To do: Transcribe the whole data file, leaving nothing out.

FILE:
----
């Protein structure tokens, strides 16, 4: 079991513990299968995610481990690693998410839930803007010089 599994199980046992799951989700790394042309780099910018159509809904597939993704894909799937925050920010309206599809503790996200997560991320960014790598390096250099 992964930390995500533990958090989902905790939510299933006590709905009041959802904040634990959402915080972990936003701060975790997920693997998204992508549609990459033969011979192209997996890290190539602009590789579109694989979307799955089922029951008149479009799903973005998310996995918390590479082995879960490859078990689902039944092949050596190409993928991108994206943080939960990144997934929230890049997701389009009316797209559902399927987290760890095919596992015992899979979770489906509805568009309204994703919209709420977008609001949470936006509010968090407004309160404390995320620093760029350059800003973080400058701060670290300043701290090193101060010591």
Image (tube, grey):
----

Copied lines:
């Protein structure tokens, strides 16, 4: 079991513990299968995610481990690693998410839930803007010089 599994199980046992799951989700790394042309780099910018159509809904597939993704894909799937925050920010309206599809503790996200997560991320960014790598390096250099 992964930390995500533990958090989902905790939510299933006590709905009041959802904040634990959402915080972990936003701060975790997920693997998204992508549609990459033969011979192209997996890290190539602009590789579109694989979307799955089922029951008149479009799903973005998310996995918390590479082995879960490859078990689902039944092949050596190409993928991108994206943080939960990144997934929230890049997701389009009316797209559902399927987290760890095919596992015992899979979770489906509805568009309204994703919209709420977008609001949470936006509010968090407004309160404390995320620093760029350059800003973080400058701060670290300043701290090193101060010591």
Image (tube, grey):